Chris Rynning’s book on AI in China reveals his deep understanding of the country, culture, and economics of the region. A Norwegian by birth and a graduate of the famous ESSEC in Paris followed up by an MBA from Chicago, Rynning lived and worked in Tokyo and Beijing for over 20 years before settling down (if someone like Rynning ever settles down) in beautiful Tiburon, California. Chairman of the nHack Nordic VC fund, he has seen all sorts of new technology, business plans, and people, and has gained a unique perspective of the engine of commerce in three dramatically difference societies, the Social democracies of Scandinavia, the communist society of China, and the capitalist societies of Japan and U.S. That’s a pretty unusual and special level of experience. Therefore, with that background, it is not surprising that he could, or would write such a book—who better qualified to do it?
After a short and easy to digest explanation of what AI is, Rynning lays out some foundation facts about China. In just 10 years, it leapfrogged the U.S. to number one in supercomputers, several years running, captured 42% market share of eCommerce worldwide, easily and quickly built multiple mega projects such as high-speed rail, three Gorges hydroelectric dam, the belt and road plan, and giant ultra-modern cities like Shenzhen.
But commitment, a vision of the future, enormous sums of money, and distinctly different vision of the future is where China will truly shine.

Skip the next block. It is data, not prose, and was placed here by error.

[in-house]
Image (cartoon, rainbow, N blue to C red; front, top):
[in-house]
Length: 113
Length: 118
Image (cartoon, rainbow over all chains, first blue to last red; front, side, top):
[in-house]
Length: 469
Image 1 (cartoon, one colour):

Unlike the U.S. that is currently stuck in a perverse self-destructive desire to look back and thinks things like dirty factory and mining jobs were just great, China is looking at the future and developing AI to get them out of manufacturing, digging, and dirty dangerous work. China doesn’t fear robotics and AI, China embraces it as being liberating. The country is rapidly shipping manufacturing jobs to Africa, southeast Asia, and South America. Says Rynning, “If Africa and Michigan would like to manufacture and ’be great again’ that is their choice. That era is over in tech-driven China. The ’China dream’ is to replace labor with advanced and innovative technology.” I can remember when that was our dream in the U.S.
And China can pretty much do it on their own. What they don’t have in software or technology today they can easily buy and license, and ultimately improve on. China also won’t need outside markets much longer. The ridiculous and ill-advised trade war is forcing China to look inward for growth. With a home market of 1.3 billion people, more than the U.S., Europe, and Japan combined, China can keep itself busy and profitable just satisfying the Chinese demand.
And they will do that with the aid of AI.
AI is predicted to contribute $15.7 trillion to global GDP by 2030—and China will account for $7 trillion of it, compared to $3.7 trillion in the U.S.
Find out how they will do that, why they will do that and what the U.S. could learn (if the U.S. were capable of learning anything anymore) from the Chinese model.
Rynning’s book is ridiculously affordable (I’ve counseled him to quadruple the price, but he’s still Norwegian and they didn’t get a very good helping of the greedy gene). I sent copies to several of my friends, suggest you do the same.
it is available for US$6 in paperback here (and $2.50 in Kindle version): China AI on Amazon.